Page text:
The wave of Arab uprisings (both non-violent and violent) that started in January 2011 is a remarkable phenomenon that has attracted enormous attention from international media outlets. In fact, the Arab world has not experienced such political and social upheaval in decades. It is no coincidence that many Western countries whose security interests have been closely related to these Arab states found themselves confused by the beginning of the uprisings. Most Western security experts at the beginning were silent. A year or even a couple of months ago almost none of them could have predicted that these Arab countries would go through such deep political and social upheavals that would have such deep ramifications on the security situation in these countries, the region, and far beyond it. Caught off-balance by the Arab uprisings, Western security experts rushed to explain what the causes of the uprisings were. Who are the actors and what are the forces behind the prisings? The important question still remains – what are the possible consequences of the uprisings for Western interests? Is all the change only about the change of a few ruling persons? Or are we witnessing deeper systematic (and revolutionary) changes in some Arab countries that will have a long-term impact on the West? So far, unambiguous answers to these questions are hard to find. However, some insights related to the questions above can already be made. The aim of this article is to analyze the Arab uprisings, their causes and possible effects on Western and Lithuanian security interests. Will Lithuanian national security be affected by the Arab uprisings? Are uprisings in Tunisia, Egypt, Libya, Syria, Bahrain and other Arab countries important for Lithuanian national security? Can Lithuania ignore the events that are happening in regions far away from Lithuania’s borders?
This article uses cooperative security theory to examine and compare 1999 and 2010 NATO Strategic Concepts, thus assessing the main developments of NATO transformation during the last decade. Analysis shows that the new Strategic Concept is a more “evolutionary” than “revolutionary” document, as the main elements and functions of the Alliance remain unchanged. New strategy projects NATO as a multifunctional security structure, which combines collective security and collective defence dimensions on the one hand with active policy of promoting stability (operations and partnerships) on the other. The most important difference between 1999 and 2010 documents is the multifunctional character and high level of ambitions in the new strategic plan in such areas as civilian capabilities, missile defence, cyber security, NATO-EU relations, etc. The new Strategic Concept modernized NATO and demonstrated solidarity about the main tasks of the Alliance. Nevertheless, actual implementation of this ambitious agenda depends on the ability to address deeply rooted internal problems (such as increasing gap between the US and Europe), which will require a favourable international environment, considerable resources and strong political will by the Allies.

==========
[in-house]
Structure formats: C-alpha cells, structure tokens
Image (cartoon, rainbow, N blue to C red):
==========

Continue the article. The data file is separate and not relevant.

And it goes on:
The goal of this article is to discuss and evaluate the importance of Lithuania’s OSCE Chairmanship in 2011, the achieving of political objectives and the results of the Chairmanship for Lithuanian national interests, foreign and security policy. The article raises questions about what motivates national states to seek a chairmanship of the OSCE, how agendas of the Chairmanship are formulated, and what obligations have to be assumed in chairing the OSCE. The article argues that Lithuania’s motivation for the OSCE Chairmanship has evolved from early efforts to enhance national interests (based on political objectives) to the obligation to be efficient in fulfilling the formal functions of the OSCE ( the functional/technocratic goals). The research found that despite the high activity and diplomatic efforts, the final result of Lithuania’s Chairmanship was disappointing to some extent - only part of Lithuania’s proposals with a priority mark were eventually adopted by the OSCE Ministerial Council in Vilnius.
One of the most important rearrangements provided for in the Treaty of Lisbon is the reorganization of the presidency held by Member States in the area of Common Security and Defense Policy (CFSP), achieved by handing over a major part of presidency-related functions to the newly established institutions: the European Union (EU) High Representative (EUHR) and the European External Action Service (EEAS). The redistribution of these functions has caused a fundamental change in the roles of Member States’ presidency within CFSP and CSDP. With Lithuania’s preparation for the EU Council presidency in 2013, the question arises as to what functions it is going to retain in these areas as a presiding state. The article aims to define the institutional environment of the presidency in CSDP as a constituent part of CFSP, as well as to define the main roles of the presidency after the Treaty of Lisbon came into force and also to foresee possible factors for a successful presidency. The article is based on research carried out in the spring of 2011 under the commission of the Prime Minister’s service. During this research, interviews with two representatives of EU institutions and with experts from Lithuania, Poland, Belgium, Hungary, and Ireland, working in the area of CSDP, were conducted.
The article aims to evaluate the prospects of construction of a nuclear power plant in Lithuania and the possible benefits, as well as to analyse the decisive factors of development of nuclear energy in Europe and worldwide. Attention is paid to the increasingly stringent regulation of the development of nuclear energy, which may play a role in the growing competition among the nuclear power plants built in Lithuania, Russia and Belarus. The article ends with the conclusion that despite the high costs of construction of nuclear power plants, pending problems of disposal of spent nuclear fuel, rapid development of renewable resources and other factors, nuclear energy will retain its role in the energy balances of the countries in the region. The article also gives a positive assessment of the possibilities of construction of a nuclear power plant in Lithuania.